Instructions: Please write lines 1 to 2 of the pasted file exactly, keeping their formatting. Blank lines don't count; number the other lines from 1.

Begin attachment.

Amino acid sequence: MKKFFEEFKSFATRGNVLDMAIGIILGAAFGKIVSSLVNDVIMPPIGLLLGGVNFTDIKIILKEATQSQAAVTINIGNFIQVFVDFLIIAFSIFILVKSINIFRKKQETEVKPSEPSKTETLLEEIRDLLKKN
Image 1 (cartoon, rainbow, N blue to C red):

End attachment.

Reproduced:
Amino acid sequence: MKKFFEEFKSFATRGNVLDMAIGIILGAAFGKIVSSLVNDVIMPPIGLLLGGVNFTDIKIILKEATQSQAAVTINIGNFIQVFVDFLIIAFSIFILVKSINIFRKKQETEVKPSEPSKTETLLEEIRDLLKKN
Image 1 (cartoon, rainbow, N blue to C red):